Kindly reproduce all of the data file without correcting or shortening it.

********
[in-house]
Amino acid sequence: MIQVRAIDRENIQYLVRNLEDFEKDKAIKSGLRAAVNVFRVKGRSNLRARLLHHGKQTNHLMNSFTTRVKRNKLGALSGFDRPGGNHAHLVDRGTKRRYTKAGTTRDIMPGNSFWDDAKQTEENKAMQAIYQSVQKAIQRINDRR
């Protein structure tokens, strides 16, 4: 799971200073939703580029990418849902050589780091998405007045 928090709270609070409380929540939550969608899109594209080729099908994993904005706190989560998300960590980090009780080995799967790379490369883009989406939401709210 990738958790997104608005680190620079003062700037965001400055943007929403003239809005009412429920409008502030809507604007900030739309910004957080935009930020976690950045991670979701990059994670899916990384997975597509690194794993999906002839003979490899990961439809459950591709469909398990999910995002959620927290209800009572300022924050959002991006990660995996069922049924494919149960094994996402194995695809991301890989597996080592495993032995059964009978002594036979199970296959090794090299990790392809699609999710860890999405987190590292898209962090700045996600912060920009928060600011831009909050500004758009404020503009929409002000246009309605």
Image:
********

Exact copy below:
[in-house]
Amino acid sequence: MIQVRAIDRENIQYLVRNLEDFEKDKAIKSGLRAAVNVFRVKGRSNLRARLLHHGKQTNHLMNSFTTRVKRNKLGALSGFDRPGGNHAHLVDRGTKRRYTKAGTTRDIMPGNSFWDDAKQTEENKAMQAIYQSVQKAIQRINDRR
């Protein structure tokens, strides 16, 4: 799971200073939703580029990418849902050589780091998405007045 928090709270609070409380929540939550969608899109594209080729099908994993904005706190989560998300960590980090009780080995799967790379490369883009989406939401709210 990738958790997104608005680190620079003062700037965001400055943007929403003239809005009412429920409008502030809507604007900030739309910004957080935009930020976690950045991670979701990059994670899916990384997975597509690194794993999906002839003979490899990961439809459950591709469909398990999910995002959620927290209800009572300022924050959002991006990660995996069922049924494919149960094994996402194995695809991301890989597996080592495993032995059964009978002594036979199970296959090794090299990790392809699609999710860890999405987190590292898209962090700045996600912060920009928060600011831009909050500004758009404020503009929409002000246009309605």
Image: